Unemployment benefits due to the Covid-19 pandemic will end tomorrow for millions of Americans.
Here’s what you need to know.
Unemployment insurance of $300 a week will end for more than 7 million Americans effective tomorrow, which brings economic uncertainty amid a resurgence of Covid-19. Approximately 26 states have already ended enhanced unemployment benefits ahead of the expiration date, with some governors stating that these unemployment benefits are a discentive for Americans to return to work. Pandemic relief has been an essential way for unemployed Americans to pay for rent, food and other necessities during the Covid-19 pandemic. Here’s what the end of these unemployment benefits mean for you:
Which unemployment benefits will end?
Four types of federal unemployment benefits will end:
- Federal Pandemic Unemployment Compensation;
- Pandemic Emergency Unemployment Compensation;
- Mixed Earners Unemployment Compensation; and
- Pandemic Unemployment Assistance
Federal Pandemic Unemployment Compensation
This is $300 a week of supplemental employment benefits (although it was as high as $600 a week).
Pandemic Emergency Unemployment Compensation
These unemployment benefits provided financial relief to those who already exhausted their state’s unemployment benefits, which is typically 26 weeks, although it varies by state.
Mixed Earners Unemployment Compensation
This unemployment benefits program provided $100 a week for those who worked as both an independent contractor and employee.
Pandemic Unemployment Assistance
These employment benefits expanded eligbility criterai to include self-employed individuals and freelancers.
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What employment insurance is available?
Depending on your state, you may qualify for unemployment insurance. This is separate from the federal unemployment insurance that is ending.
How many people will lose unemployment insurance
The end of these employment benefits represents the largest in U.S. history. The Century Foundation estimates that 7.5 million Americans will lose unemployment benefits. This includes:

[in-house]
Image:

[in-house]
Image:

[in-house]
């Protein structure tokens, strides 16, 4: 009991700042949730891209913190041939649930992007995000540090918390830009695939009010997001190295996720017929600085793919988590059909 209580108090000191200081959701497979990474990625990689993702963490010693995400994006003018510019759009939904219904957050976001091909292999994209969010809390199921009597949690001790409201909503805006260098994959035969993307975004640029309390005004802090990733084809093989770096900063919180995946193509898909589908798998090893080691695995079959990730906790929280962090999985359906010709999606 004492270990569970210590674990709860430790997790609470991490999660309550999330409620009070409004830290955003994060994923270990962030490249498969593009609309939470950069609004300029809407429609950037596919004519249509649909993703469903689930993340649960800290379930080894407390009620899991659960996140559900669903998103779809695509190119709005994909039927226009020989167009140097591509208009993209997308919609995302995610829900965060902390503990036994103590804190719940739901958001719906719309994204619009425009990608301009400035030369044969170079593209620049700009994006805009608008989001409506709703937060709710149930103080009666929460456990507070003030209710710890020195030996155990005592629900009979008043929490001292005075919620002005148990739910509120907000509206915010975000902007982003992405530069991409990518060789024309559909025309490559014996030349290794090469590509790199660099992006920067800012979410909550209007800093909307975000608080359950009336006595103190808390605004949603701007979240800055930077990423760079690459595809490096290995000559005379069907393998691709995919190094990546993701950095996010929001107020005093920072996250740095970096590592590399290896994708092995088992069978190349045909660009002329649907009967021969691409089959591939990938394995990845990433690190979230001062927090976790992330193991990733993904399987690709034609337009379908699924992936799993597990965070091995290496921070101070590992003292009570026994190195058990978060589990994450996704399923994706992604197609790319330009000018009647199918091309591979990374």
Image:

Pandemic Unemployment Assistance: 4.2 million people
Once Pandemic Unemployment Assistance ends, these individuals — many of whom are self-employed or freelancers — won’t be eligible for any federal or state unemployment insurance. According to the Century Foundation, there are more than 1 million workers in California who will be impacted, and more than 150,000 individuals who will be impacted in each of Indiana, Maryland, Massachusetts, Michigan, New Jersey, New York, Ohio and Pennsylvania.
Pandemic Emergency Unemployment Compensation: 3.3 million people
The end of Pandemic Emergency Unemployment Compensation will impact 3.3 million workers. According to the Century Foundation, 900,000 workers are affected in California as well as 125,000 workers in each of Florida, Illinois, Massachusetts, Michigan, New Jersey, New York and Pennsylvania. Some of these workers will qualify for state unemployment benefits.
Why are these unemployment benefits expiring?
In March 2020, in response to the Covid-19 pandemic, Congress passed temporary enhanced unemployment insurance as part of the Cares Act, the $2.2 trillion stimulus package. In March 2021, Congress extended these unemployment benefits until tomorrow as part of the Americans Rescue Plan stimulus package. However, Congress has opted not renew these unemployment benefits any further. This end of unemployment insurances comes at a similar time when other Covid-19 pandemic relief is expiring as well. For example, the U.S. Supreme Court halted the federal eviction moratorium imposed by the Centers for Disease Control and Prevention (CDC), noting it was not authorized by Congress. The end of the eviction moratorium and unemployment benefits also may spell bad news for other federal spending such as wide-scale student loan forgiveness.
Will Congress extend unemployment benefits?
There is no indication that Congress will extend these enhanced unemployment benefits. Why? These unemployment insurance program were always intended to be temporary and tied to the Covid-19 pandemic. It’s possible that Congress could authorize new unemployment benefits in the future due to a further resurgence of Covid-19. However, there are no immediate plans to extend relief beyond tomorrow. That said, in the American Rescue Plan, Congress authorized $350 billion to the states to provide for unemployment financial relief.